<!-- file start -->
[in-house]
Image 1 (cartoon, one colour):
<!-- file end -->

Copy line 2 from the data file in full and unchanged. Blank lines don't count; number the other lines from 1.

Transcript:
Image 1 (cartoon, one colour):